Posts Tagged ‘one-letter words’

One-Letter Words: A Dictionary

Craig Conley

New York: Harper Collins, 2005.

Not a joke.  I found this on the shelf in the bookstore when I was looking at other dictionaries.  You can explore it online.

There’s not an awful lot to say about one-letter words, except that there are more than 1000 of them.  Many have to do with Roman numerals, music and science, but a fair few have some surprising definitions. 

By far the most interesting to me were these ghoulish definitions: 

You know the expression, “branded a thief”?  To the extent that I had ever thought about it, I’d assumed the phrase was metaphorical.  It’s not.  Until 1827 in America, thieves were, literally, branded on the thumb with the letter T.

And that is not all.  Humans have a long history of shaming and harming each other with branded or incised letters, apparently.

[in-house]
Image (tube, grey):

In Colonial America, drunkards were forced to wear the letter D, made of red cloth and sewn onto a white ground, so A is not the only scarlet letter.  Civil War deserters were branded with the letter D, as well, on the buttock, hip or cheek.  The letter was made with a hot iron or a razor.

Until 1822, the letter F (for “fray-maker”) was branded on the cheeks of people who fought in church.  Blasphemers were branded on the forehead with the letter B.

The ancient Romans branded false accusers with a K (for kalumnia, lie), and in England, R was used as a mark for rogues.

And on that cheerful note, I end my month of looking at dictionaries.  Happy Halloween, everyone!

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